Next month my wife and I will have completed 20 years of marriage.
Do I have any advice on how to make a marriage successful? No.
You will have to make your own mistakes and learn from them. Just leave lots of room for forgiveness from both parties.
They say that communication is an important part of a successful marriage.
To that, I say, “Yeah, yeah, yeah. You got any other nuggets of wisdom? Like check your tire pressure before leaving on a long trip? How about always make sure the refrigerator door is shut all the way?”
To make any endeavor requiring more than one person successful requires communication – marriage and everything else.
My parents were married more than 50 years and when I think about their communication, they did not have it nailed down exactly, but they did have a system.
One of my favorite memories of them is when we had chickens up until the mid-1960s. At the end of each day, after supper, they would sit at the kitchen table and wash the day’s collection of eggs, one egg at a time.
We had about 500 chickens so there would be usually more than 400 eggs to wash each day.
My job was to pick the eggs after school, and then with a damp cloth in one hand and a pail of eggs on a chair for each of them they would go over each egg removing anything that did not belong on that egg.
During that time they would talk to each other, each evening, seven days a week.
This job usually took around 90 minutes and when they had finished, they usually would finish what was left of that day’s coffee.
Think about it. They did what marriage counselors tell couples to do and then got to keep the egg money. There is your win-win.
Once the chickens were gone, they no longer had their daily lengthy evening conversation, but it must have created a good habit for the rest of their marriage.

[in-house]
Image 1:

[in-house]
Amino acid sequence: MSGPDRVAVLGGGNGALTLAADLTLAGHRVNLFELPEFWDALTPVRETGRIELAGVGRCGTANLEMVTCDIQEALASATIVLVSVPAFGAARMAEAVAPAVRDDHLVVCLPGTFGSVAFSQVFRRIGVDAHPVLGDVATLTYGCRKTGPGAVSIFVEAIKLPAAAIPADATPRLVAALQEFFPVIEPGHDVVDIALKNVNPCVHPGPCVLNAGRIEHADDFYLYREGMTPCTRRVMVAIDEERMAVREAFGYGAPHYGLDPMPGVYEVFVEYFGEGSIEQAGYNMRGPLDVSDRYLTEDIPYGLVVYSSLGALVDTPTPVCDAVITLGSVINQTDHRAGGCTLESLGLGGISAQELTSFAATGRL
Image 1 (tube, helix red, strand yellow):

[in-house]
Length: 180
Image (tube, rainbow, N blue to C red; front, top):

My wife and I do not have any eggs to wash each day at the kitchen table like my parents did.
We do try to make our best attempts at communication which like anything in a marriage has mixed results. That is where the “lots of room for forgiveness” comes in.
Our best communicating is done when there is a minimum of distractions.
My main complaint is the television, an annoying third party in a room that won’t shut up and frequently is not all that interesting.
I believe my wife would say that I should quit always having my nose in something (the computer comes to mind) and look up and pay attention.
Now you know what I meant when I said, “mixed results.”
We had a discovery in getting rid of distractions when last Sunday afternoon we lost our electricity for a couple hours.
There was no noise anywhere, not from electronic devices, the furnace, even the clocks stopped.
All we could do was talk to each other. It wasn’t too bad.
I’m ready for another 20 years.
Rye is a Farm News staff writer and farmer from Hanlontown. Reach him by e-mail at firstname.lastname@example.org.
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